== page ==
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  • FIRST POST
    • PhilE
    • By PhilE 26th Nov 17, 12:25 AM
    • 186Posts
    • 124Thanks
    PhilE
    Changing euro cylinder; why would you need locksmith?
    • #1
    • 26th Nov 17, 12:25 AM
    Changing euro cylinder; why would you need locksmith? 26th Nov 17 at 12:25 AM
    So I'm getting round to changing the locks in my home, they are all upvc.

    I've read a few articles saying that its only necessary to change the cylinder which you can do yourself, and seems to be very straightforward and relatively cheap

    Now, am I missing something here? Is there some reason why a locksmith would have to do it?
Page 1
    • EachPenny
    • By EachPenny 26th Nov 17, 12:40 AM
    • 3,379 Posts
    • 6,305 Thanks
    EachPenny
    • #2
    • 26th Nov 17, 12:40 AM
    • #2
    • 26th Nov 17, 12:40 AM
    Now, am I missing something here? Is there some reason why a locksmith would have to do it?
    Originally posted by PhilE
    Apart from making sure you get the correct length cylinder and be very careful with the fitting to ensure the mechanism stays free moving, then there is no reason not to DIY.

    The main reasons for getting a locksmith are if (a) you don't know how easy it is to change a lock, and (b) you love paying big bills
    "In the future, everyone will be rich for 15 minutes"
    • Carrot007
    • By Carrot007 26th Nov 17, 12:46 AM
    • 760 Posts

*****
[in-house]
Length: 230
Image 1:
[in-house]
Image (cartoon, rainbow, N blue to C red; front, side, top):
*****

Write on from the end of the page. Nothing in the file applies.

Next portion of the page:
• 627 Thanks
    Carrot007
    • #3
    • 26th Nov 17, 12:46 AM
    • #3
    • 26th Nov 17, 12:46 AM
    I dunno they are not all that simple.

    I have two doors in the conservatory and the second one did not have a proper release screw. I did have a try but I gave up as you would probably have to remove the inner glass to do it. (Risk of breaking the seal otherwise). Not that that is hard with the right tools. Just more effort that I can be bothered with. Pitty Since they put a gold lock in a silver handle!
    • WobblyDog
    • By WobblyDog 26th Nov 17, 6:19 AM
    • 438 Posts
    • 281 Thanks
    WobblyDog
    • #4
    • 26th Nov 17, 6:19 AM
    • #4
    • 26th Nov 17, 6:19 AM
    Like most readers of this sub-forum, I would try to do it myself, but there are always the usual reasons that DIY jobs go wrong:
    - don't own a screwdriver
    - own a screwdriver, but it's made of cheese
    - don't know the difference between Philips and Pozidrive
    - screw is seized, or head is chewed up
    - person has no mechanical 'feel', and applies too much or too little torque
    - nearest DIY store doesn't have correct size lock in stock
    - newspaper stories about lock snapping make people want to be sure that a good quality lock is fitted.

    I would say that some people are 'money-rich, time-poor', but I usually find that employing someone else to do a job is more time-consuming than doing it myself.
    Last edited by WobblyDog; 26-11-2017 at 6:21 AM.
    • d0nkeyk0ng
    • By d0nkeyk0ng 26th Nov 17, 7:03 AM
    • 490 Posts
    • 183 Thanks
    d0nkeyk0ng
    • #5
    • 26th Nov 17, 7:03 AM
    • #5
    • 26th Nov 17, 7:03 AM
    I don't have much in the way of diy skills but it's pretty easy to change a euro cylinder lock. I ordered replacements online because I wanted the same key to open the porch door and the back door (keyed alike). The important bit would be to measure the cylinder accurately and get one the same size.